• Here’s one way of putting the careers of Rafael Nadal and Roger Federer in perspective. The King of Clay has won 10 of the past 50 French Opens played during the Open Era, which began in 1968. That’s one in five. Meanwhile, Federer has won 20 of the previous 200 Grand Slams in the Open Era. That’s one in 10. While there are five past Grand Slam winners in the men’s draw, there are 13 in the women’s draw.
What they’re saying:
• Defending men’s champion Rafael Nadal is full of confidence and motivation. As he seeks his 11th French Open trophy and 17th Grand Slam title, he said during his pre-tournament press conference that he wasn’t sure what it is about Roland Garros that bring out the best in him. The King of Clay owns a 79-2 lifetime win-loss record in the French Open, which makes him all but invincible. “Playing on clay, where I’ve had so much success, and also having to play best-of-five matches, all of that makes a difference,” said Nadal. After winning the Masters 1000 title at Rome a week ago, Nadal is back at No. 1 in the ATP Rankings. He begins defense of his French Open title on Court Philippe Chatrier Monday (fourth match from 11 a.m. local time) against lucky loser Simone Bolelli of Italy, who replaced Ukraine’s Alexandr Dolgopolov in the main draw on Saturday.
U.S. Davis Cup captain and Tennis Channel analyst Jim Courier weighed in on Nadal’s dominance in the French Open. “It’s Rafa’s tournament. Basically, he’s playing against two opponents in my opinion,” said Courier. “He’s playing against his health and he’s playing against his form from last year, which I thought he played the best he’s ever played here.”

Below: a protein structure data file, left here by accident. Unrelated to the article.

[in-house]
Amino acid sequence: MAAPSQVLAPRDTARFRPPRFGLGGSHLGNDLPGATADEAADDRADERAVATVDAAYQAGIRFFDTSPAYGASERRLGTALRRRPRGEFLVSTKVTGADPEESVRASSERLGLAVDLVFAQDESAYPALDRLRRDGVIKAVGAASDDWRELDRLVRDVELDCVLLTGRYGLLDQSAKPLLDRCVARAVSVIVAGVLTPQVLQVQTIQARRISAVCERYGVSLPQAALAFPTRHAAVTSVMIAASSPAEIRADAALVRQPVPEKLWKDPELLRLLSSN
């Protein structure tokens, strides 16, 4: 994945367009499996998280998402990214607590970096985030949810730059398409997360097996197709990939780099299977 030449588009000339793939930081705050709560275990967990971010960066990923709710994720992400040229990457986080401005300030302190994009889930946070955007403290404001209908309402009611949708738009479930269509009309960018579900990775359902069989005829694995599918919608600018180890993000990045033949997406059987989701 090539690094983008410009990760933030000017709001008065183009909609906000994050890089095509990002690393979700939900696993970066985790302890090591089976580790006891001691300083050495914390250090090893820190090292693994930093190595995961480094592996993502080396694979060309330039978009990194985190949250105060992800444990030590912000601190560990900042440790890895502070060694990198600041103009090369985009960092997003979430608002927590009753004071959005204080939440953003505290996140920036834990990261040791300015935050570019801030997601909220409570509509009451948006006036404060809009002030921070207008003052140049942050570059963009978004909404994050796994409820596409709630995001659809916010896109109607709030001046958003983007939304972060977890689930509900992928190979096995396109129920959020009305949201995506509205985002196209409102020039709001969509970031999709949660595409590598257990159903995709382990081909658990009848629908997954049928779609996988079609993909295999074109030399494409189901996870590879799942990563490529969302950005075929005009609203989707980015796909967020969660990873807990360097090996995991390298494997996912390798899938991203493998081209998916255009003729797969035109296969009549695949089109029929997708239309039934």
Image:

• After needing hours of surgery and months of rehabilitation to repair her dominant left hand, suffered after she was wounded by a knife-wielding home invader, Petra Kvitova of the Czech Republic returned to tennis at the 2017 French Open. Now, it’s been a year since her return to the sport. Although clay is not her dominant surface, the eighth-ranked Kvitova has enjoyed recent success on clay, including winning tournaments this spring in Prague and Madrid. She’s won four WTA tournaments in 2018, the most of any player on tour, and carries an 11-match winning streak into Roland Garros. On Monday, she faces No. 89 Veronica Cepede Royg of Paraguay in the first match on Court Philippe Chatrier. “Sometimes, it’s unreal for me, too, to sit and say, ‘O.K., I won four titles this year already,” she told The New York Times. “It’s a little bit weird. But that’s why I actually came back, not only to play tennis but to be better. And, yeah, I think I’m not playing bad tennis right now.”
• World No. 9 David Goffin of Belgium, interviewed by Reem Abulleil of the Dubai-based Sport360.com, said, “I try to intimidate on the court with my game, with the pressure I can put with my game, how I’m running on the court and not with the body or the face, or the way I’m looking.” The eighth-seeded Goffin, who stands a compact 180cm and weighs just 68kg, faced tour veteran Robin Haase of the Netherlands, ranked No. 44, in the final match of the day on Court 1. It lasted 2 hours and 52 minutes and finished in the twilight, but Goffin prevailed, 4-6, 4-6, 6-4, 6-1, 6-0. He finished with 18 service aces, hit 69 winners to offset 40 unforced errors, broke Hasse 10 times in 17 tries, and outpointed his opponent 144-113.